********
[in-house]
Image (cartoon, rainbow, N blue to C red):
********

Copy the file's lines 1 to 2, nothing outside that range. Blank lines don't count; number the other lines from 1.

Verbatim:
[in-house]
Image (cartoon, rainbow, N blue to C red):